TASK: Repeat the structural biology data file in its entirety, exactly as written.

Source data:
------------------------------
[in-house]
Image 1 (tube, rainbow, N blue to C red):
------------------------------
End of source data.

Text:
[in-house]
Image 1 (tube, rainbow, N blue to C red):